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Vitamin B5 or Pantothenic Acid—All About “The Anti-Stress Vitamin”

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Vitamin B5, also known as pantothenic acid, is nicknamed “the anti-stress vitamin.” Doesn’t that make you want to run out right now and buy a bottle of vitamin B5, or eat a big steak with mushrooms on top (both rich natural sources of the nutrient?). I don’t know about you, but I’m always delighted when I find a natural supplement that can help relieve stress.

Before we get into this further, let’s go over the basics of pantothenic acid. Like its numerous relatives in the B-vitamin family, vitamin B5 is water-soluble. This means it is excreted from the body, usually in the urine, throughout the day and we have to replenish it on a regular basis through diet and/or a supplement.

Okay, back to its anti-stress properties. Vitamin B5 got this nickname because has been shown to help boost the immune system and improve our ability to deal with and withstand stressful situations. Specifically, it helps our bodies produce hormones that are needed when fighting stress. For example, vitamin B5 can help our bodies control the secretion of cortisol, and in general it helps keep our adrenal glands functioning as they should. Some studies have found it can help treat both depression and anxiety. In addition to psychological strain, pantothenic acid can help those who suffer from migraines and chronic fatigue syndrome, as well as people who are trying to cut back on alcohol and smoking.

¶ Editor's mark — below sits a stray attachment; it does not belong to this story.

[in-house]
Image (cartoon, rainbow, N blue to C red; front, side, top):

In addition, pantothenic acid helps our bodies convert fats, proteins, and carbohydrates to energy. It is ubiquitous, meaning that it is needed and found in every cell in the body and is especially concentrated in the organs. Vitamin B5 is an important part of coenzyme A, which is a chemical that is part of many metabolic functions in the body. Like other B-vitamins, vitamin B5 helps both our gastrointestinal tract work properly and other vitamins do their jobs. It may also help wounds heal faster.

If your body is running low on pantothenic acid, you may experience headache, fatigue, nausea, and tingling of the hands. Please note that a true deficiency is quite rare as it is found in so many foods. Besides the steak and mushrooms mentioned above, pantothenic acid can also be found in eggs, fresh vegetables, legumes, nuts, pork, saltwater fish, whole rye flour and whole wheat.


Balch and Balch, Prescription for Nutritional Healing, page 17


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We value and respect our HERWriters' experiences, but everyone is different. Many of our writers are speaking from personal experience, and what's worked for them may not work for you. Their articles are not a substitute for medical advice, although we hope you can gain knowledge from their insight.